Reducing energy consumption and optimising performance are always goals with pump usage. Running efficiently and productively allows organisations to run lean and cut energy costs.
In the manufacturing sector, pumps represent 27 percent of electricity used by industrial systems. That’s over a quarter of their electricity. While they are a drain, they are also a necessity. To reduce this drain, the perspective on how the technology worked needed to shift.
To reduce and control energy consumption, efficiency needs to be approached not from individual components but looking at the system as a whole. The performance of all parts has to considered. Thus, the challenge became how to innovate positive displacement pumps.
Although the operating principles of positive displacement and centrifugal pumps differ, they can be used for the same applications in many cases. Positive displacement pumps can improve processes and therefore productivity in addition to reducing maintenance and energy costs. They require less Net Positive Suction Head (NPSH) than centrifugal. They can offer additional advantages like flexibility in pressure and flow requirements of continuous-type processes. Higher efficiency by a positive displacement is accomplished through the viscosity range. It’s high mechanical efficiency can mean it’s a more energy efficiency choice than a centrifugal pump.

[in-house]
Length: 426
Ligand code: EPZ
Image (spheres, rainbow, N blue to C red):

However, not all positive displacement pumps are comparable to one another. There are a wide variety of differences. Types include internal gear, external gear, lobe, one screw, two screw, three screw, peristaltic and sliding vane pumps.
Sliding vane pumps have a number of vanes that are free to slide into or out of slots in the pump rotor. When the pump driver turns the rotor, centrifugal force, rods, and/or pressurized fluid causes the vanes to move outward in their slots and bear against the inner bore of the pump casing forming pumping chambers. This “sliding” is what allows for less wear and tear and better efficiencies.
The sliding vane technology has advanced optimising performance and provides a clear benefit. By design, sliding vane pumps operate with high volumetric efficiency and low slippage. This operation allows their use in applications at substantially lower viscosity than other positive displacement pump types can handle. They are quieter, have a longer life and require less maintenance. This all leads to a better running system and often less energy consumption.
Whereas, gear, lobe and screw-type pumps gradually diminish in efficiency as clearances increase due to the wear of the metal parts. This then causes slipping and volumetric inconsistency.
Degradation of efficiency can degrade to as much as 25 percent before replacement, and efficiencies of 50 percent to 60 percent are common. Understanding you pump’s efficiency is key to reducing energy and costs. With low initial costs, easy installation and the future energy cost savings, considering sliding vane pumps is crucial to solve your pumping system efficiency issues. Learn more about the Blackmer Rotary Vane Pump today.